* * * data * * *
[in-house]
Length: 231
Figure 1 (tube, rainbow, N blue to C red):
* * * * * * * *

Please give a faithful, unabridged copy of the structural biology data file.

[in-house]
Length: 231
Figure 1 (tube, rainbow, N blue to C red):